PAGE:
The Works of Charles Lamb in Four Volumes, Volume 4 eBook

This eBook from the Gutenberg Project consists of approximately 408 pages of information about The Works of Charles Lamb in Four Volumes, Volume 4.


  Methinks how dainty sweet it were, reclined
  Beneath the vast out-stretching branches high
  Of some old wood, in careless sort to lie,
  Nor of the busier scenes we left behind
  Aught envying.  And, O Anna! mild-eyed maid! 
  Beloved!  I were well content to play
  With thy free tresses all a summer’s day,
  Losing the time beneath the greenwood shade. 
  Or we might sit and tell some tender tale
  Of faithful vows repaid by cruel scorn,
  A tale of true love, or of friend forgot;
  And I would teach thee, lady, how to rail
  In gentle sort, on those who practise not
  Or love or pity, though of woman born.


  When last I roved these winding wood-walks green,
  Green winding walks, and shady pathways sweet,
  Oft-times would Anna seek the silent scene,
  Shrouding her beauties in the lone retreat. 
  No more I hear her footsteps in the shade: 
  Her image only in these pleasant ways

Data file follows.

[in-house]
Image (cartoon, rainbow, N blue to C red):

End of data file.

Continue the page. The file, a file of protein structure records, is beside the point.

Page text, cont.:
Meets me self-wandering, where in happier days
  I held free converse with the fair-hair’d maid. 
  I pass’d the little cottage which she loved,
  The cottage which did once my all contain;
  It spake of days which ne’er must come again,
  Spake to my heart, and much my heart was moved. 
  “Now fair befall thee, gentle maid!” said I,
  And from the cottage turn’d me with a sigh.



  What reason first imposed thee, gentle name,
  Name that my father bore, and his sire’s sire,
  Without reproach? we trace our stream no higher;
  And I, a childless man, may end the same. 
  Perchance some shepherd on Lincolnian plains,
  In manners guileless as his own sweet flocks,
  Received thee first amid the merry mocks
  And arch allusions of his fellow swains. 
  Perchance from Salem’s holier fields return’d,
  With glory gotten on the heads abhorr’d
  Of faithless Saracens, some martial lord
  Took HIS meek title, in whose zeal he burn’d,
  Whate’er the fount whence thy beginnings came,
  No deed of mine shall shame thee, gentle name.


  If from my lips some angry accents fell,
  Peevish complaint, or harsh reproof unkind,
  ’Twas but the error of a sickly mind
  And troubled thoughts, clouding the purer well,
  And waters clear, of Reason; and for me
  Let this my verse the poor atonement be—­
  My verse, which thou to praise wert ever inclined
  Too highly, and with a partial eye to see
  No blemish.  Thou to me didst ever show
  Kindest affection; and would oft-times lend
  An ear to the desponding lovesick lay,
  Weeping my sorrows with me, who repay
  But ill the mighty debt of love I owe,
  Mary, to thee, my sister and my friend.

Project Gutenberg
The Works of Charles Lamb in Four Volumes, Volume 4 from Project Gutenberg. Public domain.
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